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A marathon in the Tindouf refugee camps reminds us that African decolonisation isn’t over

Si chiama Sahara Marathon ed è una maratona tra i campi profughi di Tindouf, in Algeria. Una volta all’anno ci ricorda che la decolonizzazione in Africa non è ancora finita.

Tindouf, an Algerian city close to the Moroccan and Western Saharan borders, is home to some of the world’s least known and oldest refugee camps. Some 350,000 people live there, claiming to be citizens of the Sahrawi Arab Democratic Republic (SADR), a territory that stretches within the borders of the Saharan area once colonised by Spaniards (now Western Sahara) and later militarily occupied by Morocco.

Brief history of the refugee camps of Tindouf

Most of the people living in the camps fled from Western Sahara in the 1970s due to the conflict between Morocco and the Polisario Front (Popular Front for the Liberation of Saguia el-Hamra and Río de Oro), founded in 1973 by some women and men of the Sahrawi people. When the war broke out after Spain’s withdrawal in 1976, Mauritania signed a peace accord with the Sahrawis in 1979. Conflicts continued until September 1991 when a ceasefire was agreed thanks to the United Nations Mission for the Referendum in Western Sahara (MINURSO).

Who lives in the camps

These refugee camps are the emblem of how a temporary condition can turn into something permanent. Indeed, they’re also home to the new families of the refugees who first fled war. There are young women and men who, even if they’re part of a population that comes from a land on the sea, have never seen the Atlantic Ocean or smelled the sea breeze. These camps are managed as if they were cities despite they aren’t autonomous as there’s no water and, therefore, food. Their life entirely depends on state aids and international missions.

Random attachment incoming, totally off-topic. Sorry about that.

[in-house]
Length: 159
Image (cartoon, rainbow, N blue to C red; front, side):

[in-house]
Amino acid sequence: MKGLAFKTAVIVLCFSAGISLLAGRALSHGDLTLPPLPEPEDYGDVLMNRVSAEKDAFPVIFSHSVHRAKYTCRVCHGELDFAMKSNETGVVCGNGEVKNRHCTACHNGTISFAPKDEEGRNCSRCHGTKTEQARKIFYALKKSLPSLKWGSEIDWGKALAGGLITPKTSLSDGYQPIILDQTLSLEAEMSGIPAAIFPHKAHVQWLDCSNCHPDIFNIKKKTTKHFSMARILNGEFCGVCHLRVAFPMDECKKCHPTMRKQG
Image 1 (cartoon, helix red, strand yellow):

The Sahrawi people

The Sahrawi people wants the independence and sovereignty of the SADR to be recognised, as had happened for the other African countries and as urged by the United Stations to Spain in 1967. The referendum for self-determination, set to be held after Spain’s withdrawal, was never called due to Morocco’s obstructionism. What impedes the creation of the State is the presence of natural resources and raw materials such as metals, oil and phosphate mines that led Morocco to invade the territory, scattering it with landmines and building walls to force the Saharawis to retreat and give ground.

Western Sahara is today home to 2,720 kilometres of walls, and only 35 per cent of the 266,000 square kilometres of land is managed by the Polisario Front. Despite this, and for the will of achieving diplomatic esteem, the Front has never fought using methods and techniques typical of terrorist organisations. The army has always confronted its enemies on the battlefield and civilians have never taken part in the violence. Instead, they declined any negotiations with Al Qaeda and the Islamic State.

A marathon through refugee camps

With the aim of shedding light on the situation and drawing the attention of media and international institutions, the Sahara Marathon takes place in the refugee camps of Tindouf, in the Hamada du Draa Desert. This place is often defined as alien by geologists visiting the area. More than 700 people from tens of countries will participate in the sport event, having the possibility of seeing first-hand the climate conditions refugees have to endure, with temperature ranges from 0 degrees at night up to 60 degrees during summer.

The Sahara Marathon is now in its 17th edition, but the Saharawi people have been waiting for 40 years for the United Nations and the governments of the Security Council (including France and the United States) to stop vetoing any forms of solution. The battle of the Polisario Front is the demonstration that, when international interests are not at stake, people are forgotten, abandoned to their fate or, worse, left at the mercy of governments not inclined to respect human rights. What the Sahrawi people are requesting is a referendum to put an end to the situation and end the last phase of the decolonisation of Africa.

Translated by

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